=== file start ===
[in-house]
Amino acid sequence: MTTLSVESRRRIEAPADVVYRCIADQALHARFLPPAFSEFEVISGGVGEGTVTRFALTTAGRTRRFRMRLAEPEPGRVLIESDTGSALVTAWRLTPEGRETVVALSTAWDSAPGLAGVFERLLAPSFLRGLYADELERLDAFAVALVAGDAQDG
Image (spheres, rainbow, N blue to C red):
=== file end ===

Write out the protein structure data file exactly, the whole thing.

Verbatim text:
[in-house]
Amino acid sequence: MTTLSVESRRRIEAPADVVYRCIADQALHARFLPPAFSEFEVISGGVGEGTVTRFALTTAGRTRRFRMRLAEPEPGRVLIESDTGSALVTAWRLTPEGRETVVALSTAWDSAPGLAGVFERLLAPSFLRGLYADELERLDAFAVALVAGDAQDG
Image (spheres, rainbow, N blue to C red):